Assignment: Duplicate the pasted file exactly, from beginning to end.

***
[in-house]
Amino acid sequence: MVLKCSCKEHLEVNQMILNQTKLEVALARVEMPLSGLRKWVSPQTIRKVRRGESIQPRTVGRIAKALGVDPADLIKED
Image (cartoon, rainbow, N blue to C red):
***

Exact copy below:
[in-house]
Amino acid sequence: MVLKCSCKEHLEVNQMILNQTKLEVALARVEMPLSGLRKWVSPQTIRKVRRGESIQPRTVGRIAKALGVDPADLIKED
Image (cartoon, rainbow, N blue to C red):